Is America on the Eve of an Electronic Wave of Terror?

By Ed Timperlake

While serving as Director Technology Assessment, International Technology Security, Office of the Secretary of Defense (2003-2009) I engaged with both Vice Admiral Poindexter and also Major General Keith Alexander.

Admiral Poindexter was leading the DARPA, Total Information Awareness (TIA) effort, and General Alexander then CG of US Army Intelligence and Security Command (INSCOM) and was creating his  “Cities of Information.”  His INSCOM effort was a very clever way to present metadata into a three dimensional dynamic iterative computer display that was plotted on an X-Y-Z-axis.

Both men, patriotic to their core and brilliant, were dedicated to the best of their considerable abilities to build information systems that captured metadata and then harnessed powerful machine based analysis to filter actionable intelligence in order to make America and our Allies safer.

I personally saw the power of their vision being merged with the power of information age technology and was hugely impressed.

Back in our ITS office, we then had a series of discussions about employing such metadata collection and analytical efforts for our Counterintelligance (CI) mission. I saw both TIA and “Cities of Information” as tremendously powerful new tools.

But, during our ITS office robust discussions, a very smart co-worker flagged his deep concerns about proceeding down this path.

This colleague pointed out that it was way too much power to give to the government.

He was exactly right, because in those days we trusted ourselves as the good guys. However, he astutely pointed out things can change in our Democracy, so I countered what could possibly go wrong? Well, America now knows exactly what can go wrong when everything changes, parties change but the system continues to grow.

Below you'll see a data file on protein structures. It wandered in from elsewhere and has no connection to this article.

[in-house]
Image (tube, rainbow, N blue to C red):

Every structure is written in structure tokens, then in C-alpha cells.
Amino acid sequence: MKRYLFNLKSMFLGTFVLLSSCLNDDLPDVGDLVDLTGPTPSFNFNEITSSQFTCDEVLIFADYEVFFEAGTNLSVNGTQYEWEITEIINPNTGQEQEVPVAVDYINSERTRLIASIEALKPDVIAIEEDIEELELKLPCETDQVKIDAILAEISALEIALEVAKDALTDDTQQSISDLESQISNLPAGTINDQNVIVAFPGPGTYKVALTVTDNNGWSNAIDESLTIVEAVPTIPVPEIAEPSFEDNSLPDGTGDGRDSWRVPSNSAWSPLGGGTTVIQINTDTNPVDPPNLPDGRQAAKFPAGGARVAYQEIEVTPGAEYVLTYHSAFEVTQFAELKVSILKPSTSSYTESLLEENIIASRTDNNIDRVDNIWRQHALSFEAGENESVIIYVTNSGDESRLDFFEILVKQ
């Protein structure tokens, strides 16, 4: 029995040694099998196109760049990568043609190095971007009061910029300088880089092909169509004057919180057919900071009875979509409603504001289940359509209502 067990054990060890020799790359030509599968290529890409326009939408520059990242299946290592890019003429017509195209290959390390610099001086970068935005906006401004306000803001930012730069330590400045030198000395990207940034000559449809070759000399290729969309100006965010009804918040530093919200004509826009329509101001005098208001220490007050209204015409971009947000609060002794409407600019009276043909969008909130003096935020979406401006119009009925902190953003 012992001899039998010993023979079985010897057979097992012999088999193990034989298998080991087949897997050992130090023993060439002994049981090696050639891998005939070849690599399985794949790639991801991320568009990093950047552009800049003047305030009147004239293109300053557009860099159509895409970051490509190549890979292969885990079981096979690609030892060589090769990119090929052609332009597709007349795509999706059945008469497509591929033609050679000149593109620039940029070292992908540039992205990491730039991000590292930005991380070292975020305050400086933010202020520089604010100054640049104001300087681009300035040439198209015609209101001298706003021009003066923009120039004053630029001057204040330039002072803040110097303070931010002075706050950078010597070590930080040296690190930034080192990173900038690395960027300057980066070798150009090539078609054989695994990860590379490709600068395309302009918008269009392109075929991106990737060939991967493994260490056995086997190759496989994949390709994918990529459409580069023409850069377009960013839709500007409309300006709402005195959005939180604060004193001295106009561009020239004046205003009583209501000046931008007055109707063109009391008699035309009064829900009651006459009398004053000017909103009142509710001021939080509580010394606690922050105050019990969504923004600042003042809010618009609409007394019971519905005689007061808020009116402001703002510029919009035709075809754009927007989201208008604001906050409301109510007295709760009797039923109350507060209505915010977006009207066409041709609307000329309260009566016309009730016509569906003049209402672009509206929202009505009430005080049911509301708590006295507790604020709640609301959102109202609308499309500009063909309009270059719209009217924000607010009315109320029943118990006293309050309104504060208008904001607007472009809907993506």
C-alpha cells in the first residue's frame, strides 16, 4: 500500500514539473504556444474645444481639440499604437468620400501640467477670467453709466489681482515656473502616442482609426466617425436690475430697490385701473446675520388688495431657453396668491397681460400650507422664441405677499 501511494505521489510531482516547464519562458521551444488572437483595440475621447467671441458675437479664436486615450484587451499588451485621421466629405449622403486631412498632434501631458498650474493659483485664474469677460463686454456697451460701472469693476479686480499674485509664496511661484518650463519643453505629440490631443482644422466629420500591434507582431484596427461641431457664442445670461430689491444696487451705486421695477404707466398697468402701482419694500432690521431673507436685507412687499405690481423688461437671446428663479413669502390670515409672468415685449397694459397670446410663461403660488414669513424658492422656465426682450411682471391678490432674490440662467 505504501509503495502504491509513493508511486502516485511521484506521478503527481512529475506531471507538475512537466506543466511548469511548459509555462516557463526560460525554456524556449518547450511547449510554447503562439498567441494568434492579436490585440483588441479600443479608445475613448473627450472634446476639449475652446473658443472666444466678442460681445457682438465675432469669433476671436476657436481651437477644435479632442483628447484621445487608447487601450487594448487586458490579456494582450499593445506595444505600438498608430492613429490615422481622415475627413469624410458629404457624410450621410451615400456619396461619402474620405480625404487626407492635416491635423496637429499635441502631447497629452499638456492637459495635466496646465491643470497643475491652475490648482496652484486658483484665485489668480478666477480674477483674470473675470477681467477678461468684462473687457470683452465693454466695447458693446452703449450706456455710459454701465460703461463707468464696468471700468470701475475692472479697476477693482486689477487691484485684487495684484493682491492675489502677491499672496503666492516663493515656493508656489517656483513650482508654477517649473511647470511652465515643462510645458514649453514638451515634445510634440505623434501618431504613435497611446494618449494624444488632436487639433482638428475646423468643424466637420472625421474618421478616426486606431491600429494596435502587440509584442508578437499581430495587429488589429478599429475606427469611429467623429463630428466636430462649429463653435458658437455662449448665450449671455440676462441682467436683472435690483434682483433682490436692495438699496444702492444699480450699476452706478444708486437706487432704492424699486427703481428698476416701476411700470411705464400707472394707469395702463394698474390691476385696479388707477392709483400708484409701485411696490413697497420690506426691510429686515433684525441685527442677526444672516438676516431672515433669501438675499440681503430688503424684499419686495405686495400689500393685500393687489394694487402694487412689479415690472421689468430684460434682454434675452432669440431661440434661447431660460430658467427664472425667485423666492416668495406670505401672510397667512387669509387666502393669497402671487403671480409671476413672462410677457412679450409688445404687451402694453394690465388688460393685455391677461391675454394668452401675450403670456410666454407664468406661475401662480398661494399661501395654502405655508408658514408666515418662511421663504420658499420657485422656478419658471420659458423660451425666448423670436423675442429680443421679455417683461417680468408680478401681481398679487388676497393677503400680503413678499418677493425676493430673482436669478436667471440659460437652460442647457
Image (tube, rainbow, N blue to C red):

There is a pervasive and pernicious bipartisan consensus, which has unleashed information intrusion and government out of control.

The left instinctively trusts and encourages Big Government as the way to improve society, it was even said about Marxism, it is easy to define heaven it is the journey that is impossible. The right instinctively trusts Big Government on National Security, as evidenced by some immediately springing to defend the phone and ISP national “dragnet.”

What both camps often overlook is the human factor: who or what bureaucracy really executes policy?

Conceptually motives can be pure, but in practice some on both the left and right can and will abuse the trust and responsibility given to them by American citizens.

I am amazed that in this breaking public debate both left and right some individuals are so dug in on their belief system that they over look human factors.

Rep Gowdy (R-SC) commenting on the evils of the IRS targeting decent American citizens accurately pointed out it is a culture problem because the IRS employees were operating in a system without a moral compass. On the left Senator Ron Wyden (D-Or) also profoundly understood unchecked power when he went after the DARPA TIA effort.

Now the President and his supporters want us all to trust their iron clad integrity and efficiency and also the total security of the 16 US Intel agencies inside of the DNI structure, with our highly personal information.

http://www.dni.gov/index.php/intelligence-community/members-of-the-ic